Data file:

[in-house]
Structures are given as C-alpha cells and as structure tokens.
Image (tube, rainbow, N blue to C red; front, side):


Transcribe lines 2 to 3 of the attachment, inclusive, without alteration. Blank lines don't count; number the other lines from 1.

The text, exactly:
Structures are given as C-alpha cells and as structure tokens.
Image (tube, rainbow, N blue to C red; front, side):